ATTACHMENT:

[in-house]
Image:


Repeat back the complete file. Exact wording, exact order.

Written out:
[in-house]
Image: